Best Foot Forward: 3 Foot Conditions You Could Get As An Athlete (And How To Avoid Them)

8 June 2016
 Categories: , Blog


During your busy day, it can be easy to forget to take care of the feet that walk, run, and drive you everywhere you need to go. If you're an athlete, it can be even harder to take the time to care for your feet. But not caring for your feet can lead to some problems for them, which could even stop you from being able to continue with your workouts. So what are you to do? If you're looking for information about common conditions that can affect your feet (and how to either avoid them or get rid of them), then here's what you need to know.

Plantar Fasciitis

If your heel aches no matter how much you rest it, chances are good you have a case of plantar fasciitis. This condition is extremely common among runners and happens when the tendon that runs from your heel to your toes (called the plantar fascia) gets inflamed, causing stabbing pain when you walk for the first time after resting for a bit.

Your podiatrist will conduct a physical exam of your foot to test for this condition and usually recommend treatment that consists of getting shoes that support your arch (thus taking strain off your heel) and physical therapy that involves strengthening your Achilles tendon and improving the flexibility of your plantar fascia.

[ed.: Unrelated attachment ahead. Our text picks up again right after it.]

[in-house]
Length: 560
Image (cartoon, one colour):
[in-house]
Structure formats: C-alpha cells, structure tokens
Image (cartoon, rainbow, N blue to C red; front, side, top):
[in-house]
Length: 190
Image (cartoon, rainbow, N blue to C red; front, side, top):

Athlete's Foot

One of the more famous foot maladies, athlete's foot is a type of fungus that usually starts growing between your toes. This fungus develops when you don't take precautions to protect your feet from areas where fungus grows, whether it's walking around barefoot in the gym's shower, wearing your shoes or socks while they're wet, or coming in contact with someone who has athlete's foot.

To treat this nasty fungal infection, wash your feet a couple times a day and apply a medication (such as terbinafine) to them after washing, making sure to get your toes, toenails, and in between your toes in particular. Washing all your socks in bleach and throwing out your old shoes will help prevent you from just becoming infected again after curing yourself.

Hard Heels

Being on your feet all day can be tough on your heels, but if you're running, jumping, and squatting during the day as well, chances are good that your heels will get cracked and hard (and even painful to step on), with faintly yellow calluses forming around their perimeter.

In order to fix these heels and get back to being comfortable on your feet, purchase a pumice stone and, while in the shower, go to work on your heels, taking care to get all the dead skin that's caked on them, and then moisturize with a heavy duty lotion (like a body butter) when you get out and dry off. While it'll take a few showers' worth of work to get your heels into tip-top condition, you'll be able to feel the difference that comes with healthy, un-cracked heels.

For a podiatrist, contact a clinic such as Collier Podiatry PA.